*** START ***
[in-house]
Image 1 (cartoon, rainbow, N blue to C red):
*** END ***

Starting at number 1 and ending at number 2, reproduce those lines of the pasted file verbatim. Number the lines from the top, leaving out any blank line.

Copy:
[in-house]
Image 1 (cartoon, rainbow, N blue to C red):